#9 james7ca

james7ca

    Fly Me to the Moon

  • *****
  • topic starter
  • Posts: 7338
  • Joined: 21 May 2011
  • Loc: San Diego, CA

Posted 14 January 2019 - 03:22 AM

I don't think an f/4 Newtonian would be a good choice for photographing the moon. In fact, f/8 might be a stretch in terms of covering a sensor as large as the IMX183 (for the diagonal, which is approximately 15mm, but I'll need just the center portion of the full frame -- see below).

 

According to a post by Jon Isaacs the coma free field (diameter) for Newtonian reflector can be computed as follows:

 


CFR = 0.022 x F^3 mm where F is the focal ratio of the scope...

However, I don't know what his criteria is for "coma free."

 

So, at f/4 we have: 0.022 x 4^3 ≈ 1.4mm

 

And at f/8 we have: 0.022 x 8^3 ≈ 11.2mm

 

This compares to the height of the IMX183 of 8.8mm and thus f/8 should be "safe" as long as the moon remains centered in the field.

 

I'm not sure whether my 6" f/6 Newtonian can cover the entire field of the IMX178 and the calculations suggest:

 

0.022 x 6^3 ≈ 4.7mm

 

And the size of the IMX178 is 7.4mm x 5mm with a diagonal of 8.9mm.


Edited by james7ca, 14 January 2019 - 03:30 AM.

  • Jon Rista likes this

#10 Tom Glenn

Tom Glenn

    Surveyor 1

  • -----
  • Posts: 1902
  • Joined: 07 Feb 2018
  • Loc: San Diego, CA

Posted 14 January 2019 - 03:48 AM

I don't think an f/4 Newtonian would be a good choice for photographing the moon. In fact, f/8 might be a stretch in terms of covering a sensor as large as the IMX183 (for the diagonal, which is approximately 15mm, but I'll need just the center portion of the full frame -- see below).

 

According to a post by Jon Isaacs the coma free field (diameter) for Newtonian reflector can be computed as follows:

 

However, I don't know what his criteria is for "coma free."

 

So, at f/4 we have: 0.022 x 4^3 ≈ 1.4mm

 

And at f/8 we have: 0.022 x 8^3 ≈ 11.2mm

 

This compares to the height of the IMX183 of 8.8mm and thus f/8 should be "safe" as long as the moon remains centered in the field.

 

I'm not sure whether my 6" f/6 Newtonian can cover the entire field of the IMX178 and the calculations suggest:

 

0.022 x 6^3 ≈ 4.7mm

 

And the size of the IMX178 is 7.4mm x 5mm with a diagonal of 8.9mm.

As far as I can tell, the criteria used for "coma free" in these posts is referring to visual observation and means that the size of the coma is less than the size of the Airy Disk, such that it would be undetectable in visual observation.  However, I would think that the criterion would be even stricter for imaging, because we are typically sampling several pixels across the FWHM of an Airy Disk, and the full size of the Airy Disk is much larger than this.  Also, I've come across other formulas on CN that have stricter values than the 0.022 multiplier.  But still this is geared towards visual observation.  

 

 I also came across a formula in one of Thierry Legault's books that gives the length of the coma tail as the following:

 

3d/(16F^2)

 

Where "d" is the distance off-axis, and F is the focal ratio.  I haven't been able to confirm this formula elsewhere however, and I'm not sure why the focal ratio is squared in this case, yet in other posts on CN there is always mention of how coma increases as the cube of the F ratio.  

 

In any event, if we use this formula and take the off axis value to be 4.4mm (half that height of the IMX183 sensor), then the length of the coma in an f/4 Newt should be 52um, which means it would be spread across 21 pixels!  In an f/8 Newt, this value drops to 13um, which would mean it's spread across 5 pixels.  This still seems like quite a lot to me, although for an f/8 scope, the spot size of the Airy Disk is only ~11um, so it's not that much larger than the Airy Disk, which kind of matches up with those posts you are referring to.  Although the spot size of the FWHM is only ~5um, and since we often sample for this value, an aberration of 13um would certainly have a negative influence.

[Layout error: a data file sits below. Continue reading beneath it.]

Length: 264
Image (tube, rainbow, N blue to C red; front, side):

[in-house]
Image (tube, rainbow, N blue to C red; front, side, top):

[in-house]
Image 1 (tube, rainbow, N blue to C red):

Of course, a coma corrector can be used......but this locks you into the prime focal length, as it's difficult, if not impossible, to combine a coma corrector with barlows.  



#11 james7ca

james7ca

    Fly Me to the Moon

  • *****
  • topic starter
  • Posts: 7338
  • Joined: 21 May 2011
  • Loc: San Diego, CA

Posted 14 January 2019 - 06:03 AM

I looked at Amateur Telescope Optics and there is a graph that contains a formula for coma in Newtonian telescopes:

 

radius (mm) for diffraction-limited performance given only coma = f^3 / 90 ≈ 0.0111 x f^3

 

Which means that the diameter of the coma-free field would be 2 x 0.0111 x f^3 = 0.0222 x f^3

 

So, this agrees with the formulae given by Jon Isaacs.

 

However, this same reference (Amateur Telescope Optics) says that while coma varies by the cube when measured on field height it varies by the square over a quality field size. That kind of makes sense and maybe that is why some references use the square.

 

That said, there is a lot more in Amateur Telescope Optics about coma and off-axis performance so I'm not convinced that these simple formulae are really that accurate when applied to imaging.



#12 Jon Rista

Jon Rista

    ISS

  • *****
  • Posts: 23591
  • Joined: 10 Jan 2014
  • Loc: Colorado

Posted 14 January 2019 - 01:42 PM

I don't think an f/4 Newtonian would be a good choice for photographing the moon. In fact, f/8 might be a stretch in terms of covering a sensor as large as the IMX183 (for the diagonal, which is approximately 15mm, but I'll need just the center portion of the full frame -- see below).

 

According to a post by Jon Isaacs the coma free field (diameter) for Newtonian reflector can be computed as follows:

 

However, I don't know what his criteria is for "coma free."

 

So, at f/4 we have: 0.022 x 4^3 ≈ 1.4mm

 

And at f/8 we have: 0.022 x 8^3 ≈ 11.2mm

 

This compares to the height of the IMX183 of 8.8mm and thus f/8 should be "safe" as long as the moon remains centered in the field.

 

I'm not sure whether my 6" f/6 Newtonian can cover the entire field of the IMX178 and the calculations suggest:

 

0.022 x 6^3 ≈ 4.7mm

 

And the size of the IMX178 is 7.4mm x 5mm with a diagonal of 8.9mm.

I assumed I'd be using a 2x barlow, which should give you the needed f/8, right?



#13 james7ca

james7ca

    Fly Me to the Moon

  • *****
  • topic starter
  • Posts: 7338
  • Joined: 21 May 2011
  • Loc: San Diego, CA

Posted 14 January 2019 - 04:00 PM

I assumed I'd be using a 2x barlow, which should give you the needed f/8, right?